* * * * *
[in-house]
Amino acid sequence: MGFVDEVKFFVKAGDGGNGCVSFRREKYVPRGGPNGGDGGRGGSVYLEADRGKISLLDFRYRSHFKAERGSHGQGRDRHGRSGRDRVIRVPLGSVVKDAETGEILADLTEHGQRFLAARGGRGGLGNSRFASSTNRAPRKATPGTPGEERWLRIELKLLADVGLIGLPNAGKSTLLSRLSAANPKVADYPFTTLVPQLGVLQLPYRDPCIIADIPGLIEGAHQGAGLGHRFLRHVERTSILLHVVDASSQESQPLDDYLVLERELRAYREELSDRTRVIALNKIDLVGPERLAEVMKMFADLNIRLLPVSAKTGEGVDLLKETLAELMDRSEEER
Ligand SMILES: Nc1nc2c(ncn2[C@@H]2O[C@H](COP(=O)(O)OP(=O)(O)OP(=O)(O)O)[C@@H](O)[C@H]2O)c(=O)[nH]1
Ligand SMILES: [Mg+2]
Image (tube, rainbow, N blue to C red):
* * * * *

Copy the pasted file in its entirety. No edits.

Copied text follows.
[in-house]
Amino acid sequence: MGFVDEVKFFVKAGDGGNGCVSFRREKYVPRGGPNGGDGGRGGSVYLEADRGKISLLDFRYRSHFKAERGSHGQGRDRHGRSGRDRVIRVPLGSVVKDAETGEILADLTEHGQRFLAARGGRGGLGNSRFASSTNRAPRKATPGTPGEERWLRIELKLLADVGLIGLPNAGKSTLLSRLSAANPKVADYPFTTLVPQLGVLQLPYRDPCIIADIPGLIEGAHQGAGLGHRFLRHVERTSILLHVVDASSQESQPLDDYLVLERELRAYREELSDRTRVIALNKIDLVGPERLAEVMKMFADLNIRLLPVSAKTGEGVDLLKETLAELMDRSEEER
Ligand SMILES: Nc1nc2c(ncn2[C@@H]2O[C@H](COP(=O)(O)OP(=O)(O)OP(=O)(O)O)[C@@H](O)[C@H]2O)c(=O)[nH]1
Ligand SMILES: [Mg+2]
Image (tube, rainbow, N blue to C red):